by Elizabeth Barbone
September 13 is Celiac Awareness Day! Celebrated on the birthday of Samuel Gee, the physician who, in 1888, made the connection between the celiac disease and diet, the day calls attention to what was once a little known autoimmune disease.
When someone with celiac disease eats gluten, a protein found in grains like wheat, rye, and barley, a serious immune response occurs in the small intestine. This reaction damages the villi that line the intestine walls. When villi are inflamed, absorption of key nutrients is diminished, causing malnourishment and other ailments. Symptoms of celiac disease are incredibly varied. The National Foundation for Celiac Awareness states that there are over 300 symptoms of celiac disease. Untreated celiac disease is linked to other autoimmune diseases, osteoporosis, thyroid disease, and cancer. Blood work ordered by a physician is the first step in diagnosing the disease.
Once diagnosed, a diet free from gluten remains the only cure for celiac disease. If someone with celiac consumes even the smallest amount of gluten (think: crumbs), the immune system is triggered.
However, avoiding gluten doesn’t mean avoiding whole grains! Whole-grain flours, like their gluten-filled cousins, are high in fiber and contain important nutrients. In the past, whole grain gluten-free products were tough to find and required mail order or long drives to specialty shops. This meant that many of us on a gluten-free diet stuck to the “white stuff”: rice flours and starches.
Now whole grain gluten-free products are more commonly available. Sorghum, quinoa, millet, and buckwheat flours are now shelved alongside white rice flour and whole grains are included in more commercially prepared gluten-free products.
Since everyone, whether they have celiac disease or not, should aim to consume three to five servings of whole grains per day, here are three ways to incorporate more whole grains into your gluten-free diet:
Replace half the “white” flours in a favorite recipe with a whole grain, gluten-free flour. Over time, increase the amount to include all whole grain flours.
- Enjoy whole grains as a savory side dish.
Swap rice or potato side dishes with whole grain replacements. Sorghum resembles couscous and millet works well in place of rice. For side dishes, buy the whole grains, not flour.
- Look For Whole Grains on the Label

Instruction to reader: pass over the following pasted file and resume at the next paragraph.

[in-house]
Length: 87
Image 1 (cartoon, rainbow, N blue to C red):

When you buy gluten-free pastas, breads, and snacks look for whole grain ingredients in the ingredient list.
Whole Grain and Allergen-Free Chocolate Chip Cookie Recipe
3 tablespoons ground flax meal
1/4 cup hot water
5 ounces (1 1/4 cups) sorghum flour
4 ounces (3/4 cup) brown rice flour
1 teaspoon baking soda
1/2 teaspoon salt
3/4 cup soy-free shortening or coconut oil
4 ounces (1/2 cup) dark brown sugar
3 1/2 ounces (1/2 cup) granulated sugar
2 teaspoons vanilla extract
12 ounces vegan and/or allergen free chocolate chips
Center oven racks in middle position and preheat oven to 350°F. Line baking sheet with parchment paper.
In small bowl, whisk together ground flax and hot water. Set aside.
In medium bowl, whisk together sorghum flour, brown rice flour, baking soda, and salt.
In bowl of stand mixer fitted with paddle attachment (or large bowl), cream together shortening and sugars on medium high speed. Cream until a thick paste forms, about 30 seconds. Add flax mixture and vanilla. Cream until mixture is light and fluffy, about 45 seconds.
Stop mixer and scrape down bottom and sides of bowl. Add dry ingredients. Turn mixer on to medium speed. Mix until dough forms, about 30 seconds. Turn off mixer and add chocolate chips. Turn mixer on to low speed. Mix until chips are combined, about 15 seconds.
Drop dough, about one tablespoon each, onto prepared baking sheet, about two inches apart. Bake until cookies are golden brown and aromatic, about 14 minutes.
Remove pan from oven and allow cookies to cool on pan for two minutes. Using a metal spatula, transfer cookies to wire rack to cool completely. Store cookies in an airtight container for up to four days.
Makes about two dozen cookies.
At Price Chopper, you can find gluten free items throughout the store. Pick up a gluten free guide at the Guest Services desk in your store.
Elizabeth Barbone is the author of “Easy Gluten-Free Baking” and “How to Cook Gluten-Free.” She resides in Troy, NY. Contact her at glutenfreebaking.com